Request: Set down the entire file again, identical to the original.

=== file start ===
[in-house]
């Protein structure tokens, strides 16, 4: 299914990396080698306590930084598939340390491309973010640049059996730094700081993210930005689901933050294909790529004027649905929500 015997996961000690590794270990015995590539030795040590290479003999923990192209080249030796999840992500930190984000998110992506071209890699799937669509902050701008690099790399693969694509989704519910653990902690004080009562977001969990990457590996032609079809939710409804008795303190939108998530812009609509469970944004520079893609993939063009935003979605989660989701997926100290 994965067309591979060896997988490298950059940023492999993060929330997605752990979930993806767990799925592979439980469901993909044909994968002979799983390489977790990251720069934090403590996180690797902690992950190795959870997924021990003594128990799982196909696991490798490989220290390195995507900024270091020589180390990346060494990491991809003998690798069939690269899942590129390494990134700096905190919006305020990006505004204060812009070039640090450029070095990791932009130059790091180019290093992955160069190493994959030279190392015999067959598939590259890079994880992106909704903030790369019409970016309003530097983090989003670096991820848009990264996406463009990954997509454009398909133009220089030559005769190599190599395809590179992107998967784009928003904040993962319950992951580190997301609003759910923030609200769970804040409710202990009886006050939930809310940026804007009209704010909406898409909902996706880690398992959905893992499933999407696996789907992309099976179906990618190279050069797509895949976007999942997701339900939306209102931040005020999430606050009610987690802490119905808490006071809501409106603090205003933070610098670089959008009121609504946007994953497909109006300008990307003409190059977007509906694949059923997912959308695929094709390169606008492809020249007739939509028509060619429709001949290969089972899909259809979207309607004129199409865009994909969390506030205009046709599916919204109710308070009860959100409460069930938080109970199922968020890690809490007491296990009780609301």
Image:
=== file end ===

[in-house]
């Protein structure tokens, strides 16, 4: 299914990396080698306590930084598939340390491309973010640049059996730094700081993210930005689901933050294909790529004027649905929500 015997996961000690590794270990015995590539030795040590290479003999923990192209080249030796999840992500930190984000998110992506071209890699799937669509902050701008690099790399693969694509989704519910653990902690004080009562977001969990990457590996032609079809939710409804008795303190939108998530812009609509469970944004520079893609993939063009935003979605989660989701997926100290 994965067309591979060896997988490298950059940023492999993060929330997605752990979930993806767990799925592979439980469901993909044909994968002979799983390489977790990251720069934090403590996180690797902690992950190795959870997924021990003594128990799982196909696991490798490989220290390195995507900024270091020589180390990346060494990491991809003998690798069939690269899942590129390494990134700096905190919006305020990006505004204060812009070039640090450029070095990791932009130059790091180019290093992955160069190493994959030279190392015999067959598939590259890079994880992106909704903030790369019409970016309003530097983090989003670096991820848009990264996406463009990954997509454009398909133009220089030559005769190599190599395809590179992107998967784009928003904040993962319950992951580190997301609003759910923030609200769970804040409710202990009886006050939930809310940026804007009209704010909406898409909902996706880690398992959905893992499933999407696996789907992309099976179906990618190279050069797509895949976007999942997701339900939306209102931040005020999430606050009610987690802490119905808490006071809501409106603090205003933070610098670089959008009121609504946007994953497909109006300008990307003409190059977007509906694949059923997912959308695929094709390169606008492809020249007739939509028509060619429709001949290969089972899909259809979207309607004129199409865009994909969390506030205009046709599916919204109710308070009860959100409460069930938080109970199922968020890690809490007491296990009780609301």
Image: